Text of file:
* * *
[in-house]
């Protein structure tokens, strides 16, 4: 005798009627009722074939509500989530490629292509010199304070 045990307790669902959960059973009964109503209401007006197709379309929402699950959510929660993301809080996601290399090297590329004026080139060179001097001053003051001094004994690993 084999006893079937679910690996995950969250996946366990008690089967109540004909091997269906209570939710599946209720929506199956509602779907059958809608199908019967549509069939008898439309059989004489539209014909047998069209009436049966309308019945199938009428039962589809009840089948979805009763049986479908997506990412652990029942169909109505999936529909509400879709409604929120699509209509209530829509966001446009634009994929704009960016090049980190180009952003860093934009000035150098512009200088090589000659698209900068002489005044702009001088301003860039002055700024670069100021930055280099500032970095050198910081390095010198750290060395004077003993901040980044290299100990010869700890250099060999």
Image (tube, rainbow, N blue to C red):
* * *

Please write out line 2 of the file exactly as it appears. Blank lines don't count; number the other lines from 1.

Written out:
């Protein structure tokens, strides 16, 4: 005798009627009722074939509500989530490629292509010199304070 045990307790669902959960059973009964109503209401007006197709379309929402699950959510929660993301809080996601290399090297590329004026080139060179001097001053003051001094004994690993 084999006893079937679910690996995950969250996946366990008690089967109540004909091997269906209570939710599946209720929506199956509602779907059958809608199908019967549509069939008898439309059989004489539209014909047998069209009436049966309308019945199938009428039962589809009840089948979805009763049986479908997506990412652990029942169909109505999936529909509400879709409604929120699509209509209530829509966001446009634009994929704009960016090049980190180009952003860093934009000035150098512009200088090589000659698209900068002489005044702009001088301003860039002055700024670069100021930055280099500032970095050198910081390095010198750290060395004077003993901040980044290299100990010869700890250099060999």